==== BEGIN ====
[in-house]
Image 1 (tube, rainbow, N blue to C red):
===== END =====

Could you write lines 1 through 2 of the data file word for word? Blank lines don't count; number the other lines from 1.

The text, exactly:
[in-house]
Image 1 (tube, rainbow, N blue to C red):